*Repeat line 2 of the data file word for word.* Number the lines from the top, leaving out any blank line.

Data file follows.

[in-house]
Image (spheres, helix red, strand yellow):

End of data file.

Image (spheres, helix red, strand yellow):